To the north, 10,775-foot Mount Baker—another Cascade juggernaut—gets some 641 inches per year; in the winter of 1998-99, a whopping 1,140 inches fell here.

Precipitation (and overall elevation) gently decreases southward down the Cascade Crest, but the high volcanoes studding it in Oregon and northern California are still ridiculously snowy stacks. In the southern Oregon Cascades, the ruined and flooded crown of Mount Mazama, which nestles Crater Lake, is another national snow hotspot: annual average of some 450 inches, and a record snowfall of 879 inches in the winter of 1932-33.

We can’t leave out the Olympic Mountains, either, that compact snarl of snowpeaks wedged between the Puget Sound, the Strait of Juan de Fuca, and the open Pacific. Mount Olympus, the massif crowning the range on its west side, makes as good a snow bull’s-eye as any peak in the Lower 48: only 30-some miles from saltwater and rising 7,965 feet at the head of multiple rainforest valleys draining seaward. Mount Olympus likely sees at least 500 inches of average annual snowfall, which helps feed its (retreating) glaciers—some of the lowest-elevation at this latitude in the world.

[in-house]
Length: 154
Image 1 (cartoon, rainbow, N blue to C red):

The Sierra Nevada: Range of Light, Range of Snows

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Pristine powder at Squaw Valley. Sebastien Werner

“Snowy mountain range”: the apt, straight-to-the-point English translation of Sierra Nevada. The Sierra belong to the same cordillera of Pacific ranges as the Cascades to the north, and they similarly milk maritime weather systems of lots and lots of snow. In winter, elevations above 6,000 feet commonly see 30-foot snowpacks.